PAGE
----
The Jordan Child Development Center is one of fifteen Early Intervention Programs in Utah, contracted with the Utah Department of Health's Baby Watch Program, Utah's designated lead agency under the Individuals with Disabilities Act (IDEA), Part C. The Jordan Child Development Center program provides services to families with infants or toddlers, under the age of 3, with developmental delays, disabilities, or diagnosed conditions with a high probability of resulting in developmental delays.
What does Early Intervention Offer?
- A full assessment of a child's current health and development status.
- Service coordination among providers, programs and agencies.
- Strategies to build on family concerns, priorities, & resources (CPR).
- Developmental services: occupational therapy, physical therapy, speech language therapy, special education, etc.
- Services directed towards a specific disability/health condition, such as autism, sensory integration, feeding & swallowing.
These services are provided through the coordinated effort of parents, community agencies, and a variety of professionals. Places where services are provided include the Jordan Child Development Center, homes, and community settings such as child care.
What are Early Intervention Services?
After the child has been determined eligible, the parents and a team of people will develop an Individualized Family Service Plan (IFSP). This plan will describe the child's strengths and needs as well as the families concerns and priorities for their child. It will also detail what services and supports need to be provided including their location and frequency. Federal and State laws require that certain types of early intervention services be available through the Utah Baby Watch Early Intervention Program. Services that must be provided by Baby Watch Early Intervention are listed in the Individuals with Disabilities Education Act, Part C.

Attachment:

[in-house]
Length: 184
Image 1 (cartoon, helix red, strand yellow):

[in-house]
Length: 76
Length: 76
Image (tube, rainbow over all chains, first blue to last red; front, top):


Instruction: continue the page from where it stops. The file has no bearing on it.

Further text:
- Early intervention services that may be included on an IFSP are:
- Assistive technology devices
- Audiological services
- Communication services
- Family training, counseling, and home visits
- Health services necessary to benefit from other early intervention services
- Nursing services (for developmental purposes)
- Occupational therapy
- Physical therapy
- Psychological services
- Service coordination
- Special instruction
- Transportation necessary to receive early intervention services
- Vision and mobility services
- Family support groups and parent-to-parent support
- In most cases, services are delivered in settings that are natural for that child, including the family home, child care settings, and other places where children usually spend time.